Shortly after his acquisition, though, Josh Beckett and Hyun-Jin Ryu were both placed on the disabled list, making the trade for Hernandez look like a stroke of genius on Colletti's part.
Going into action Sunday, Hernandez was 2-1 with a 3.52 ERA, 3.00 FIP and a 1.217 WHIP in four starts with the Dodgers. All told, he has helped bridge the gap in the rotation and has been a fantastic pickup.
Kansas City Royals Acquire Josh Willingham from the Minnesota Twins
Ryan was just sitting on Willingham at the July 31 non-waiver trade deadline. It was a curious move, considering the club was not in the playoff picture and was surely going to lose the slugger in free agency this winter.
Finally, he dealt his biggest trade chip for Adam, who had recently been converted from a starter to a reliever after a promotion to Triple-A. The conversion may not be permanent, though. He has started one game and finished another since joining the Twins, compiling a 5.14 ERA with 10 hits allowed in seven innings.
If Adam can turn into an effective setup man, this will be a worthwhile move. If not, Ryan will have to be second-guessed.
Time will tell how this trade is judged.
Kansas City Royals
At the time of trade (Aug. 11), general manager Dayton Moore said that Willingham “is a proven bat, one of the best on-base guys with 250 plate appearances right now in the game,” per MLB.com’s Dick Kaegel. How right he was.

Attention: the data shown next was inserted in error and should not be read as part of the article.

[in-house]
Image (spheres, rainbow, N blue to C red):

In 15 games with the Royals going into action Sunday, Willingham had a .377 on-base percentage and was slugging a robust .489. And given the lack of power in their lineup, he has done exactly what he was brought in to do.
Matt Thornton Is Claimed by the Washington Nationals
The Washington Nationals claimed left-handed reliever Matt Thornton from the New York Yankees on Aug. 5 and assume his contract.
This move has to be classified as a solid win for Nationals general manager Mike Rizzo. It is also an example of an executive knowing exactly whom he wants on his roster.
See, Rizzo claimed Thornton the previous week but had been unable to finalize a trade. That didn’t dissuade him from grabbing the setup man the next time he had the chance.
Thornton hasn’t disappointed either.
In 10 appearances heading into action Sunday, he hasn’t given up a run and has allowed only five hits and walked one batter. More importantly, he is pitching in high-leverage situations quite effectively and has left 75 percent of inherited runners on the basepaths, per game logs taken from Baseball-Reference.
It must be noted that Thornton is under contract for $3.5 million next season, meaning that there is a chance that this grade will look quite a bit different in the middle of 2015.
For now, though, this is a fantastic move.
Los Angeles Angels Acquire Gordon Beckham from the Chicago White Sox
The Chicago White Sox sent second baseman Gordon Beckham to the Los Angeles Angels for a player to be named later or cash considerations.
Chicago White Sox
After putting up a .270/.347/.460 slash line with 14 home runs and 63 RBI as a rookie in 2009, Beckham never again finished a season with an OPS over .700 or more than 60 RBI. Even his heralded defense regressed, evidenced by a minus-0.5 and a minus-1.8 UZR (ultimate zone rating) in 2013 and 2014, respectively, per FanGraphs.
It was time for him to go.
Seeing as how we don’t know whom the White Sox are going to get in return, the grade has to be considered incomplete. But if we look at how disappointing Beckham was after his rookie season, getting much of anything has to be considered a success for GM Rick Hahn.